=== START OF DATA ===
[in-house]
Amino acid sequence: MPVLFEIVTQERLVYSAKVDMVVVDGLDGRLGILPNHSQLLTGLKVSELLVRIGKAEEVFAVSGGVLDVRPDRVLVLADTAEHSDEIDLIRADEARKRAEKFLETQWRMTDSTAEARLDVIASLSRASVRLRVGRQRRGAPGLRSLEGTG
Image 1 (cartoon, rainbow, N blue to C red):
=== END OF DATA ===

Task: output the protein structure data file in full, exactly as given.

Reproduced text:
[in-house]
Amino acid sequence: MPVLFEIVTQERLVYSAKVDMVVVDGLDGRLGILPNHSQLLTGLKVSELLVRIGKAEEVFAVSGGVLDVRPDRVLVLADTAEHSDEIDLIRADEARKRAEKFLETQWRMTDSTAEARLDVIASLSRASVRLRVGRQRRGAPGLRSLEGTG
Image 1 (cartoon, rainbow, N blue to C red):